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Construction recently began on another Cintas Center project – the Klekamp Family Training Center. Is that project on schedule and what do you make of how much Cintas Center has changed since your arrival in 2013?

GC: "The construction on the Klekamp Training Center, it'll take about 14 months. So we're aiming for completion next fall, that's the phrase we're using so we don't have an exact timeline yet, but they've told us 14 months from start to finish all along. So everything is on schedule. As for the big picture, the changes and improvements in recent years, I think we've talked about this a fair amount, all of our efforts have really been focused on making sure Cintas remains one of the premier on-campus basketball facilities. So we're 21, 22 years into the building now and it's about spending the last few years getting it refreshed and refurbished and ready for the next two to three decades."

It's a new era in college sports with the adoption of Name, Image and Likeness rights, what are your thoughts on the early impact of NIL on collegiate athletics and how's Xavier handling this new frontier? 

GC: "Just as a little bit of background, to date, we've had about 50 Xavier student-athletes take advantage of NIL opportunities. Some are trade or product-related. At least one was a commercial that a young woman appeared in and then others are modest endorsement openings. We're certainly supportive of our student-athletes in this space. Although I think it's volatile right now and the marketplace will likely take some time to establish itself. There's a couple of fronts here.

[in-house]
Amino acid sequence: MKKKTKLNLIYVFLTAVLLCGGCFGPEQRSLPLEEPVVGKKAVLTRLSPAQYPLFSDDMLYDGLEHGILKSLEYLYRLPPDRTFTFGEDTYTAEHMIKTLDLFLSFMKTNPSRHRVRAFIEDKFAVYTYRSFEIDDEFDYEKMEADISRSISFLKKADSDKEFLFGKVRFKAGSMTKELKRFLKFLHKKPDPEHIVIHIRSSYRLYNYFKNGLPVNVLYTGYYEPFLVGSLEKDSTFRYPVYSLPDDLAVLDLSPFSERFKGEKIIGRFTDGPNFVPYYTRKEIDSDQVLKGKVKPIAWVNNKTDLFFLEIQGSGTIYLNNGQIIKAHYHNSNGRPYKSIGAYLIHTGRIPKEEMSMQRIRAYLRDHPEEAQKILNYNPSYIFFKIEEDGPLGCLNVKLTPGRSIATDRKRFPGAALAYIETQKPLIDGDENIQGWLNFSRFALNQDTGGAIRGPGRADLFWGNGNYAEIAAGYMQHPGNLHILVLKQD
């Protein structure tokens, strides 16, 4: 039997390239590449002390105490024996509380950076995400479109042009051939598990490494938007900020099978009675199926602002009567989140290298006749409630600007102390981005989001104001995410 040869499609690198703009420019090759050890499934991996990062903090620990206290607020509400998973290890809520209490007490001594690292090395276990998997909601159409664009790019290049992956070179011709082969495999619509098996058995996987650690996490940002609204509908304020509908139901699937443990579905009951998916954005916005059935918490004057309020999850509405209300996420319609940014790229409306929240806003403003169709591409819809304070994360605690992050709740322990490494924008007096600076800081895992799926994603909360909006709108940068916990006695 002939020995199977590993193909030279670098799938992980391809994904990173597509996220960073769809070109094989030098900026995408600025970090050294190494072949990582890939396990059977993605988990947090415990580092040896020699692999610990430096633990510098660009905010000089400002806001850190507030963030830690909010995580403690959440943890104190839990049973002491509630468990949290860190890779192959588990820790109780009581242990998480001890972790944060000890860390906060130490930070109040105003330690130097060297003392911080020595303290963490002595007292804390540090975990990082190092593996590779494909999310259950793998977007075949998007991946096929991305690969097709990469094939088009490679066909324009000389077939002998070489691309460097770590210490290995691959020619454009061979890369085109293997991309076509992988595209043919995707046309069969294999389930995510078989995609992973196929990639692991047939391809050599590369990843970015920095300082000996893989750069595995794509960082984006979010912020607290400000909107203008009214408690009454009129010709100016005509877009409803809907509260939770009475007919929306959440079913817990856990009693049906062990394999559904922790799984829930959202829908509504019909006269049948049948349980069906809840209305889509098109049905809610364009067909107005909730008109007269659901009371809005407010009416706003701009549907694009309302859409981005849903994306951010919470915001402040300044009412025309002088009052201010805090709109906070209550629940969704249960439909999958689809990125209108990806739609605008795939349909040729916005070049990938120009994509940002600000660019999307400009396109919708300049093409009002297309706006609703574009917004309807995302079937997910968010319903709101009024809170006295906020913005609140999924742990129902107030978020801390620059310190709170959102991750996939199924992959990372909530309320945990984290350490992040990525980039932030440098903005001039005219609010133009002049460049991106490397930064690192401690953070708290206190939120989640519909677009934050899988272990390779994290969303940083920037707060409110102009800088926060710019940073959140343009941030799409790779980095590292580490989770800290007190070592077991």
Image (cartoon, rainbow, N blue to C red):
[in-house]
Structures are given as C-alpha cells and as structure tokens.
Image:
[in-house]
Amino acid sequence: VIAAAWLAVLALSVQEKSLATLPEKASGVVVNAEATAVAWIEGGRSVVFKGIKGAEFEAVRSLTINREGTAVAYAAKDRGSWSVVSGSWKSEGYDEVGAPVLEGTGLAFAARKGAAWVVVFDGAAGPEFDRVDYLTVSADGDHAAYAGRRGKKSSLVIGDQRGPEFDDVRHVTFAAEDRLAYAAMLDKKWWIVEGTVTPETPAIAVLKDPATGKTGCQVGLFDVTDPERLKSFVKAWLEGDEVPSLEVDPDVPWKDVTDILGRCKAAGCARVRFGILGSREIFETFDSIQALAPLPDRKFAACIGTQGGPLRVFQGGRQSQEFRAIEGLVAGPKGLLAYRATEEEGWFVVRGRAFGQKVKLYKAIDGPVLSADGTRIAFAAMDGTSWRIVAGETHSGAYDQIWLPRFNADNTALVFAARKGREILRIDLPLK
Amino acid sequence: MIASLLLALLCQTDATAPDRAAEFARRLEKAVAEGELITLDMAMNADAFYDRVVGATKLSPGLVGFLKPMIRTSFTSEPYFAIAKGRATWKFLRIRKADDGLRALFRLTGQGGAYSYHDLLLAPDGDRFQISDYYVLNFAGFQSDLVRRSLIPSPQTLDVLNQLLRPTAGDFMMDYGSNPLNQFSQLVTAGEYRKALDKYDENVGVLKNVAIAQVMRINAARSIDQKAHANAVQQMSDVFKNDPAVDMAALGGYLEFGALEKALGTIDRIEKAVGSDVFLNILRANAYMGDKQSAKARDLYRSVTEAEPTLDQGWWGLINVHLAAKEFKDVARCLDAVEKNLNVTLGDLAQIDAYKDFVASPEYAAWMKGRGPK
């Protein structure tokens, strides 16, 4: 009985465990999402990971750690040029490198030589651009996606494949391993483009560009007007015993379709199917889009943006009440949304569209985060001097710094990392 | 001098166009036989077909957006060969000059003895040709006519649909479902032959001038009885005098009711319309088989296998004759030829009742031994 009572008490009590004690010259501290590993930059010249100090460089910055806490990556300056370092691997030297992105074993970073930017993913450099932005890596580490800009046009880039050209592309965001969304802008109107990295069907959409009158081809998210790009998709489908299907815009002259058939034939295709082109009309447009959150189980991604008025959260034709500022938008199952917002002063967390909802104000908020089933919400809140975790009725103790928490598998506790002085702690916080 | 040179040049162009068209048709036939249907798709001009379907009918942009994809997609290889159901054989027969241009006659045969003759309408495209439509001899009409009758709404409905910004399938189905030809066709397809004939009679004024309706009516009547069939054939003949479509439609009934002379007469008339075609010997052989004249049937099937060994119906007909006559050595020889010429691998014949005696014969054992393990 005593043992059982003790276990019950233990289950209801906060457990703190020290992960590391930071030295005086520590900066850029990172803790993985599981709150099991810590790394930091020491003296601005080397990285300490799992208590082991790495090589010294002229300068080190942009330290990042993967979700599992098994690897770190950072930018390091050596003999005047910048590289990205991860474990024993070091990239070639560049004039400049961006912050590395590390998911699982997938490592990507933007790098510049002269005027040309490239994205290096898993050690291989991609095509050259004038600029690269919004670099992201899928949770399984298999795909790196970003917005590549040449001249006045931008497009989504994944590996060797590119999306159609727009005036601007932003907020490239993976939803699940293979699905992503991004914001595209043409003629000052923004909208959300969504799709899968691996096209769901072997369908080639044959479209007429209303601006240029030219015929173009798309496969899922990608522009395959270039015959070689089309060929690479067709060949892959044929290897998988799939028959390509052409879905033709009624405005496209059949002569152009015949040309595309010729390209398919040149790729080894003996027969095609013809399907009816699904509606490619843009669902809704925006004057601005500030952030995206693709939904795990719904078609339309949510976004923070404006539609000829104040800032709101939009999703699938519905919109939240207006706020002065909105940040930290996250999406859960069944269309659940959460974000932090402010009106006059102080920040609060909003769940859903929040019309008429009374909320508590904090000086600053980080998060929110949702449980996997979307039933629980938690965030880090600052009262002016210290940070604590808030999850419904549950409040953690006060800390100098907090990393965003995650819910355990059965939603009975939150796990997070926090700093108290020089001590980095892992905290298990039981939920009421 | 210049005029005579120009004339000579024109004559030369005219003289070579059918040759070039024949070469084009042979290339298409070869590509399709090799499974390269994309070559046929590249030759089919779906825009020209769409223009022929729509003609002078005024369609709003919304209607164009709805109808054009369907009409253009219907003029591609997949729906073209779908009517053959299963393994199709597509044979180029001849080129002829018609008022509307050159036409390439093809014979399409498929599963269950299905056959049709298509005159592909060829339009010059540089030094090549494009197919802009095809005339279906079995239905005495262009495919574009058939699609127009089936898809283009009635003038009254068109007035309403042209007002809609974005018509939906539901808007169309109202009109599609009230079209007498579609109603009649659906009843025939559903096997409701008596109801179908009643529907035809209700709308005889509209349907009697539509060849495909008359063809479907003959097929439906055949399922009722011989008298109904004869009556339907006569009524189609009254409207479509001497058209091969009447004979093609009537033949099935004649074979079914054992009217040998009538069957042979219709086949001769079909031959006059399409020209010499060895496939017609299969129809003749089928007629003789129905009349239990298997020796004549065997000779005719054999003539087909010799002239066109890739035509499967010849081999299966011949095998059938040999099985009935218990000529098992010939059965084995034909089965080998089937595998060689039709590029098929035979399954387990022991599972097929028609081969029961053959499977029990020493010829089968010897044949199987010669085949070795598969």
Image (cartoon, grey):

"First, I would say we're working on educating our athletes on the landscape and their responsibilities. For example, tax and financial advice for our student-athletes. There are agent considerations now. There are a number of areas that athletes need to think about when they consider a NIL opportunity. So the first big picture area is making sure that we're educating our 300 student-athletes. The second would be focusing on what I'll call the broad areas of opportunities for NIL. And I think there's three, at least these are the buckets that we put them in. The first would be all things, camps, clinics and lessons for our student-athletes. For example, our baseball players can now give hitting lessons to kids and get paid. Whereas in the past, they weren't able to. You can go to our website now and we've asked each of our 300 athletes, are you interested in giving public lessons and you can find the database and links for all of our athletes that are interested in that. So camps, clinics and lessons would be one bucket. A second bucket would be apparel and merchandise. And as the fall progresses, you're going to start to see the same way you've seen the (University of Cincinnati quarterback) Desmond Ridder t-shirt, you'll start to see whether it's player-specific jerseys and maybe some other merchandise tied to Xavier athletes. And then the third is the endorsement opportunities and those are a little more specific, whether it be through companies, and so forth. But as things move forward, I think those are the three basic buckets for our student-athletes and you'll probably see openings in each space."